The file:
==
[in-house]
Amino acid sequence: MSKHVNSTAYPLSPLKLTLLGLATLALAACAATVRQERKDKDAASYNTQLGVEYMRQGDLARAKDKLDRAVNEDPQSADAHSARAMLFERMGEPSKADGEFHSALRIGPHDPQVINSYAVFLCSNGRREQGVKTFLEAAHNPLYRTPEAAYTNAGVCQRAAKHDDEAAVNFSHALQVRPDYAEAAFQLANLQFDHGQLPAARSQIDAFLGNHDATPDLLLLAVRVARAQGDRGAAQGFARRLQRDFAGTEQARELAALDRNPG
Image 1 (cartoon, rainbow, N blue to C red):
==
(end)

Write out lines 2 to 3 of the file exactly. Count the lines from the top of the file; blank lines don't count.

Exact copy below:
Amino acid sequence: MSKHVNSTAYPLSPLKLTLLGLATLALAACAATVRQERKDKDAASYNTQLGVEYMRQGDLARAKDKLDRAVNEDPQSADAHSARAMLFERMGEPSKADGEFHSALRIGPHDPQVINSYAVFLCSNGRREQGVKTFLEAAHNPLYRTPEAAYTNAGVCQRAAKHDDEAAVNFSHALQVRPDYAEAAFQLANLQFDHGQLPAARSQIDAFLGNHDATPDLLLLAVRVARAQGDRGAAQGFARRLQRDFAGTEQARELAALDRNPG
Image 1 (cartoon, rainbow, N blue to C red):